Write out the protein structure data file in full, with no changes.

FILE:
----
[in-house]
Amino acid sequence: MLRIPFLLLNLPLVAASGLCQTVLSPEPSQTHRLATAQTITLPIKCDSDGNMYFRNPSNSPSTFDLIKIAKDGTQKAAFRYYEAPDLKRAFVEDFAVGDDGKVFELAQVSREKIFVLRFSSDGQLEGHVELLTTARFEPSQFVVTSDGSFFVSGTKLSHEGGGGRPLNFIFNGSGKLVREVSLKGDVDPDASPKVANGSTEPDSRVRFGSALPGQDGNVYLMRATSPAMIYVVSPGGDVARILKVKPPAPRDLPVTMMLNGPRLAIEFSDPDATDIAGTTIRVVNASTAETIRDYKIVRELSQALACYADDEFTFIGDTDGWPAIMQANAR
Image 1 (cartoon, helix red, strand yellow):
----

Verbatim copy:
[in-house]
Amino acid sequence: MLRIPFLLLNLPLVAASGLCQTVLSPEPSQTHRLATAQTITLPIKCDSDGNMYFRNPSNSPSTFDLIKIAKDGTQKAAFRYYEAPDLKRAFVEDFAVGDDGKVFELAQVSREKIFVLRFSSDGQLEGHVELLTTARFEPSQFVVTSDGSFFVSGTKLSHEGGGGRPLNFIFNGSGKLVREVSLKGDVDPDASPKVANGSTEPDSRVRFGSALPGQDGNVYLMRATSPAMIYVVSPGGDVARILKVKPPAPRDLPVTMMLNGPRLAIEFSDPDATDIAGTTIRVVNASTAETIRDYKIVRELSQALACYADDEFTFIGDTDGWPAIMQANAR
Image 1 (cartoon, helix red, strand yellow):